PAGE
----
We see this voluntary sector-wide commitment as a benchmark to inspire other global animal protein sectors, as well as other markets linked to the soy supply chain.
Reduces risk to the entire Brazilian soy industry
International retailers, processors and salmon farmers, including Tesco, Ahold Delhaize, Coop UK, Marks and Spencer, METRO, Waitrose, Aquascot, Hilton Food Group, Farne Salmon and Trout Ltd/Labeyrie Fine Foods, Grieg Seafood, Lerøy Seafood Group, Cermaq, Norway Royal Salmon, SinkabergHansen and Mowi, applaud the decision.
“As companies with Brazilian soy in our supply chains, we are deeply concerned about the ongoing deforestation rates in the country. We greatly applaud this historic decision by CJ Selecta, Imcopa and Caramuru, and are encouraged to see much needed action by these Brazilian soy suppliers. The move reduces risk to the entire Brazilian soy industry and we urge the rest of the Brazilian soy traders to follow their leadership.
As a result, Brazilian soy used to feed European farmed salmon is not only certified, it is also supplied by Brazilian vendors with 100 percent deforestation and conversion free soybean value chains. This is one important step towards a more sustainable global food system.”
Reduces deforestation risk for investors
Investors are also praising the decision, which leads to reduced deforestation risk in the salmon supply chains.
Gemma James, Head of Environmental Issues at United Nations Principle for Responsible Investment, said:
“The PRI welcomes the salmon sector’s voluntary commitment, which sets an encouraging precedent for other industries reliant on soy to make their supply chains deforestation and conversion free. For a long time now institutional investors have raised concerns about deforestation and native vegetation conversion linked to soybean production in Brazil and the Cerrado. Investors are therefore engaging directly with companies across the value chain to encourage deforestation and conversion free soybean production.”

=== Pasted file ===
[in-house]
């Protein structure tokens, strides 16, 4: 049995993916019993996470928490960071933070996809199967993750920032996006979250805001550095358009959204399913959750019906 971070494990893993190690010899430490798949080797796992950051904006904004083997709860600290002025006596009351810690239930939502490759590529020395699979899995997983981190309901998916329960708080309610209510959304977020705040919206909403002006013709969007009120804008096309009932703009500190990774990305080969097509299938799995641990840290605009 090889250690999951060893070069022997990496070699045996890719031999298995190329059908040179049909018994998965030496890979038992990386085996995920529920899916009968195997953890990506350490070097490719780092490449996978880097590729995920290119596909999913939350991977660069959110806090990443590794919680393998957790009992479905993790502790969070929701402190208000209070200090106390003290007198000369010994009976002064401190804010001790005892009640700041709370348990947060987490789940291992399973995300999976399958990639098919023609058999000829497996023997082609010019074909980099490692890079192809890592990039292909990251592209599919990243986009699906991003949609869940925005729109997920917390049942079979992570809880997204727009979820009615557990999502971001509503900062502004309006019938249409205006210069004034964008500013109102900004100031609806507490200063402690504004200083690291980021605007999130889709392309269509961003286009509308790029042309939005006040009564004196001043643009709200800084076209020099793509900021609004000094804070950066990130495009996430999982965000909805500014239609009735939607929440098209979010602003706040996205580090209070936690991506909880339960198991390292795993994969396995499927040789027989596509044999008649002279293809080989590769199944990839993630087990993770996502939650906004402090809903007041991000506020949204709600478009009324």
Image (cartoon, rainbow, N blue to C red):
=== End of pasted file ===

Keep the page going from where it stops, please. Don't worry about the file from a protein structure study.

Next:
Faazi Adam, Research and Engagement Manager at FAIRR, said:
“For investors in global food companies, deforestation in soy supply chains is a pressing risk to both planet and profits. Deforestation contributes to the systemic material risks of biodiversity loss and climate change – and over the long term, it’s set to impact local weather patterns and reduce agricultural productivity. Despite this impending threat, the Coller FAIRR Protein Producer Index found that 62% of meat and fish producers don’t reveal any information about how they plan to reduce deforestation in soy supply chains – a historic blind spot for animal protein companies.
In light of that, it’s encouraging to see key players in the salmon supply chain working together to implement traceability solutions and commit to phasing out deforestation. We hope other animal protein companies and their soy suppliers will follow suit and act with the speed and ambition needed to avoid the worst impacts of biodiversity loss and climate change.”